- Research article
- Open Access
Causal relationship between gut microbiota and cancers: a two-sample Mendelian randomisation study
BMC Medicine volume 21, Article number: 66 (2023)
Evidence from observational studies and clinical trials suggests that the gut microbiota is associated with cancer. However, the causal association between gut microbiota and cancer remains to be determined.
We first identified two sets of gut microbiota based on phylum, class, order, family, and genus level information, and cancer data were obtained from the IEU Open GWAS project. We then performed two-sample Mendelian randomisation (MR) to determine whether the gut microbiota is causally associated with eight cancer types. Furthermore, we performed a bi-directional MR analysis to examine the direction of the causal relations.
We identified 11 causal relationships between genetic liability in the gut microbiome and cancer, including those involving the genus Bifidobacterium. We found 17 strong associations between genetic liability in the gut microbiome and cancer. Moreover, we found 24 associations between genetic liability in the gut microbiome and cancer using multiple datasets.
Our MR analysis revealed that the gut microbiota was causally associated with cancers and may be useful in providing new insights for further mechanistic and clinical studies of microbiota-mediated cancer.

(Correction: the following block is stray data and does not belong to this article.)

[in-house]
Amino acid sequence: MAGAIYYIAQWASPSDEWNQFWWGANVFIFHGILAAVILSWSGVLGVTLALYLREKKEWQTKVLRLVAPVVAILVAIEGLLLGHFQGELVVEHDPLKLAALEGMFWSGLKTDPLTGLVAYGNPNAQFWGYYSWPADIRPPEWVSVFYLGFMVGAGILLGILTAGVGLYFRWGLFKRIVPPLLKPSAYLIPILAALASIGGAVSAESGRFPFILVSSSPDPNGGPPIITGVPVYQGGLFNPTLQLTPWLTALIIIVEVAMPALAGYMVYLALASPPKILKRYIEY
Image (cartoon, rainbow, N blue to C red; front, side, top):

Gut microbiota residing in the gastrointestinal tract can be considered a potential environmental factor influencing human life. Currently, the gut microbiota has been implicated as a risk or preventive factor for a variety of diseases, including cancers, and is closely associated with the onset of colorectal cancer (CRC) . Conversely, it has been pointed out that cancer also affects the gut microbiota in mice, which could induce gut microbiota disorders and cancer growth .
In contrast to observational studies, randomised controlled trials of gut microbiota could potentially help establish a causal relationship. Unfortunately, owing to the influence of objective factors, such as technology and research methods, the screening of strains involved in early diagnosis and prognosis still has great limitations. Consequently, most of the current research conclusions are based on observation of the composition and changes in the gut microbiota in patients’ faeces and on the results of trials in which gut microbiota were transplanted into gnotobiotic mice, which are influenced by a variety of factors, such as diet and antibiotic use [3,4,5,6]. In summary, whether the associations between the gut microbiota and cancers are causal and the direction of the causal associations are still unknown. It is thus important to explore the causal relationship between the gut microbiota and cancers.
Genome-wide association studies (GWASs) have tested millions of genetic variants across the genomes of many individuals to identify genotype–phenotype associations and have revolutionised the field of complex disease genetics over the past decade . GWASs provide an agnostic approach for investigating the genetic basis of complex diseases. As of October 2022, the GWAS Catalog contained 6041 publications and 427,870 associations. In oncology, over 450 genetic variants associated with increased risks of common cancers have been identified. The clinical application of GWAS data has been providing opportunities for cancer prevention .